Where Are Our Cleanest State Governments?

Back on April 22nd (the International Earth Day) this author, creator of The American State Litter Scorecard research and monthly website, identified “best” state governments with cleanest landscapes and “Greenest” citizenship to world media.

You may ask yourself, “Why should I care about this?” 

A clean environment “matters” – its essentiality for healthy living. Nature gives us many “gifts” for free we may take for granted: clean air and water; beautiful surroundings. But what do some of us give back in return? Intentional or not, our gift back to nature may perhaps be …pollution!

Littering and dumping wastes create danger to public health and safety. These illegal exploits tend to occur at or near traveling routes. The public sector is law-responsible to clean and maintain these areas, encouraged by an ever-growing “green movement” embraced by voters and taxpayers. Yet, annual polls by Gallup find most Americans feel “government’s not working hard enough to protect the environment.”

Folks may have a right to feel miffed. Indeed, states vary widely in measuring, disclosing, even enforcing their litter abatement mandates.

Measuring can be difficult. “Surrogates”—data elements functioning to address operations—are widely popular with public officials and policymakers. The Scorecard is a surrogate that approximates a regime’s broad landscape condition every three years. There’s a spotlight on gauges taken from state-initiated litter studies that distinguish appropriate “green” behaviors (i.e. possession of a Specific Litter Prevention Slogan; Per Person Daily Waste Disposal). Most Scorecard indicators focus on objective (source reduction) deeds; some are subjective (i.e. Licensed Driver Knowledge of Litter and Roadway Laws). Scores are totaled for every government and from these, a designation of the ten “best” is achieved.

Here are the 10 “best,” their acting GOVERNOR, and one or more accomplishments that put each among the ecological frontrunners for the United States.

#1 Washington, JAY INSLEE. The Evergreen State has twice won “best of the ‘best” since 2011, this time, with higher total Scorecard points: 36.0. A pioneer for achievable, high-quality ecological practices, Washington passed Litter Taxation in 1971, one of five states levying a duty on certain goods contributing to superfluous solid waste, to finance litter control and recycling activities.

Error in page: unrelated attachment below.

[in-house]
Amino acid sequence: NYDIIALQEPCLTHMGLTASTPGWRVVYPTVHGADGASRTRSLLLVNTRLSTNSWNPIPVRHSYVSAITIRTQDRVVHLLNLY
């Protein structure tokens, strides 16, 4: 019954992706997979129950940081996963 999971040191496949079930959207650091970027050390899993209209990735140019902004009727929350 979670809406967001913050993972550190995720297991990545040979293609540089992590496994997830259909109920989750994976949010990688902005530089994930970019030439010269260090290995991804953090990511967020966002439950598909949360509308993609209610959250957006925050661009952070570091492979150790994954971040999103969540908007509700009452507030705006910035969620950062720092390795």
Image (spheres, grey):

#2 California [CA] (tie), JERRY BROWN. Total Scorecard points: 30.5. The Golden State had the second lowest Corruption Risk in Public Service Activities by State Governments among peers. In January, CA became the second state to prohibit retail stores from issuing single-use bags; 10 cents is collected for any paper, compostable and reusable bag provided at checkout.

#2 Connecticut (tie), DAN MALLOY. Total Scorecard points: 30.5. The Nutmeg State has the least Per Person Daily Waste Disposal for all 50 authorities—less than a half-pound of unusable items are thrown away as garbage by each citizen every 24 hours.

#4 Florida (tie), RICK SCOTT. Total Scorecard points, 27.0. The Sunshine State is one of two peer governments with a small Percentage of “Profiled Litterers” Age 16-25, and is the only top environmental quality performer of Southern and Sunbelt States east of California. 

#4 Maine (tie), PAUL LEPAGE. Total Scorecard points, 27.0. Similar to Florida, this Pine Tree State has the tiniest Percentage of “Profiled Litterers” Age 16-25. Maine has Comprehensive Recycling Legislation for all 16 Counties and dozens of communities.

#4 Oregon (tie), KATE BROWN. Scorecard points, 27.0. In 1972, the Beaver State was the first to offer Container Deposit Legislation, with ten others since following.

#7 Vermont [VT], PETER SHUMLIN. Scorecard points, 25.5. The Green Mountain State has the lowest Chance for a Debris-related Fatal Vehicle Collision to be endured by a motorist or passenger. No persons were killed in this type of accident in a latest statewide reporting period. Furthermore, VT had the most generous annual Per Person Overall Environmental Protection Expenditure among peers: $105.68 in 2012.

#8 Iowa {IA], TERRY BRANSTAD. Scorecard points, 24.5. The Hawkeye State has the largest proportion of Licensed Drivers with Knowledge of Littering and Roadway Laws among cohorts, based upon a major insurance industry survey. IA’s also distinguished for leading Container Deposit Legislation policies for America’s heartland.

#9 Maryland, LARRY HOGAN. 23.0 points. The Old Line State, observed for effective Environmental Stewardship of Thoroughfares, is an ecological mentor for the Mid-Atlantic and upper South regions.

#10 Missouri, JAY NIXON. 22.5 points. The Show Me State’s among the preponderance of jurisdictions with a Specific Litter Prevention Slogan. These prompts or “cues” (i.e. No MO’re Trash!) evoke state pride, help cut anti-Green conduct and provide environmental awareness.



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I wish to add LaRel Rogers comment (below) from August 6th–this article was re-edited immediately afterwards due to some paragraph info electronically “cut off” in sending this blog.
“Thanks for sharing Steve! I was surprised to see Florida up there – it’s such a huge state and “clean” is not the first thing that comes to mind, more like beach :). I’m also glad Maryland made it 🙂 interesting blog thanks again for sharing”